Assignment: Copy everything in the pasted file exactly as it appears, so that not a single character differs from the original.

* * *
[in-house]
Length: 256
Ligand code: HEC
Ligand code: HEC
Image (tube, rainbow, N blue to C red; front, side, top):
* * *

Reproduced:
[in-house]
Length: 256
Ligand code: HEC
Ligand code: HEC
Image (tube, rainbow, N blue to C red; front, side, top):